On 23rd January 2014, FIS published an Opinion piece relating to the Falkland Islands ...
IN BRIEF - Impact of East Coast fisheries still playing out
Saturday, November 24, 2012
BATON ROUGE - If you thought Louisiana's seafood industry might get a boost from the lull in commercial fishing activity where Hurricane Sandy made landfall late last month, you were wrong.
Some seafood processors in southeast Louisiana said just the opposite is happening, that sales to buyers on the East Coast are down slightly as portions of states like New York and New Jersey continue to recover.
A metre-long fish that escaped from an aquatic centre during recent flooding has been found. The sturgeon, named Steve, swam out of World of Water in Romsey, Hampshire when it was inundated by flood water in early February 2014. But now staff at a car wash a mile from the centre have discovered him in a deep puddle.
They may look like guts stuffed in cellophane, but five fish hauled up from near-record depths off the coast of New Zealand are providing scientists with new insights into how deep fish can survive.
In a paper recently published in the Proceedings of the National Academy of Sciences, scientists from the U.S., Britain and New Zealand describe catching translucent hadal snailfish at a depth of 7 km (4.3 miles).
For many, many years, people living near the sea have caught fish, which they sell. In lagoons, such as those in Thua Thien-Hue province, they have caught shrimps using traps. Now, there are plans for those people to have a chance to also make a living from showing the lagoons to tourists.
Lanre Ogunsina, CEO of Fishmaster Ltd, an African catfish company based in Nigeria, has developed a new website that will help African catfish farmers better manage their ponds.
The new website will help catfish farmers know what quantity of feed to give to their fish on a daily basis and will explain the weights their fish should get to at appointed times in the culture period.
Scottish Fisheries Secretary, Richard Lochhead, has blamed the breakdown of EU/Norway fishing talks on the Norwegian delegation, which apparently walked out just when it appeared an agreement had been reached.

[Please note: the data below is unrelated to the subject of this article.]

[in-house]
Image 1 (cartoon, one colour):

Speaking at the conclusion of the EU/Norway talks in Edinburgh Lochhead said: "Norway has taken the extremely disappointing and unprecedented step of walking away from the EU/Norway talk without signing the agreement after a conclusion had seemingly been reached. This agreement was in place on Friday night and had been approved by all Member States.
Bycatch in tuna fisheries, particularly in the eastern tropical Pacific Ocean, has been the focus of intense monitoring for the past few decades. With the realization in the 1980s that the purse seine fishery that set on tuna-dolphin associations resulted in substantial dolphin mortality, new fishing techniques were developed to mitigate that mortality. The use of these techniques became mandatory for the vessels that exploited tuna-dolphin associations, and a very ambitious observer program was implemented to document exhaustively the fishing operations by all large purse seiners in the region. As a result, a very valuable dataset has been accumulated over decades, which includes detailed information on catches and discards for all species caught. This has allowed scientists at the Inter-American Tropical Tuna Commission (IATTC) to quantify bycatch and to work closely with fishers to mitigate ecosystem impacts. This experience has led to a greater understanding of the role purse seine fishing plays in the greater marine ecosystem associated with tropical tunas.
The European Commission welcomes the positive outcome of the informal trilogue on the draft for a Framework Directive for Maritime Spatial Planning. If confirmed by the Council and the European Parliament, the Directive will help Member States cooperate more closely over cross-border sea areas, enabling them to take full account of land-sea interactions when developing their Maritime Spatial Planning.